Trai looks to tweak the BharatNet plan
The Telecom Regulatory Authority of India (Trai), in a consultation paper released on Tuesday, has added the Build-Own-Operate-Transfer (BOOT) model for implementing BharatNet—earlier called the National Optic Fibre Network (NOFN)—that is expected to provide broadband connectivity to 2.5 lakh gram panchayats across the country. The NOFN network, supposed to be completed by 2013 at a cost of R20,000 crore, has connected only 3,384 gram panchayats so far. Trai is looking to change that lethargy with the BOOT model, over and above the three models—central PSU, state government and private sector-led—proposed earlier by the DoT. The advantage that BOOT offers is that a private company will design, build, own and operate the infrastructure, along with the right to earn from it for a period of 15-20 years. This model enables private financing for expanding public services and brings in a degree of dynamism to such delivery. In the BOOT model, apart from building the network, the company will look for means to monetise it. Only after the concession period would ownership be transferred to the government, by which time it should be a viable operation. The company that seeks the lowest viability gap funding would implement the project.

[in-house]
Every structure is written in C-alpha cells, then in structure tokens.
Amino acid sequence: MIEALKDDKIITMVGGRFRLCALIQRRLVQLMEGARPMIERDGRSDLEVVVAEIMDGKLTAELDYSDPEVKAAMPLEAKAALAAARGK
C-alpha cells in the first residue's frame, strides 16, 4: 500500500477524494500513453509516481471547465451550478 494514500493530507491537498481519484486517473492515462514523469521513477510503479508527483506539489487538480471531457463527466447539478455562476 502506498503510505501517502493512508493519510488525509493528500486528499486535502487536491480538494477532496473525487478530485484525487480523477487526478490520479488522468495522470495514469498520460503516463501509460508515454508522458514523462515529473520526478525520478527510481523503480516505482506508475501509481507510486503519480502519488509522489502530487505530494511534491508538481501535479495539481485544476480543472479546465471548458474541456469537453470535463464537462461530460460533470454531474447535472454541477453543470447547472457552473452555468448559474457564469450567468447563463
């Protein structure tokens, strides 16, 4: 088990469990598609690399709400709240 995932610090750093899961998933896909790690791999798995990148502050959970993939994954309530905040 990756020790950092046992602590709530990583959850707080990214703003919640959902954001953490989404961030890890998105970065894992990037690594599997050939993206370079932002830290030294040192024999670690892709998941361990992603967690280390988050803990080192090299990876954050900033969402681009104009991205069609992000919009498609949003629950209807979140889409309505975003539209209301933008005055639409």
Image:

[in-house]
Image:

While BOOT is a better model than those suggested by DoT, there is one area of worry. If the private party that executes the contract also provides content on the network, it may vertically integrate services and monopolise the market. That could defeat the purpose of providing affordable broadband in rural areas. One way out would be to bring in net neutrality to ensure the network creator offers services from a suite of providers. The government should also insert clauses that ensure the service-provider cannot legally restrict other providers. Now, that the NOFN has failed to take off, BOOT success is critical for the success of the Digital India plan. According to the Broadband Commission set up by the ITU and Unesco, the adoption of a broadband plan, which India already has, could lead to a 2.5% higher fixed broadband penetration and 7.4% higher mobile broadband penetration per year on an average. Broadband expansion is critical for the next phase of India’s growth.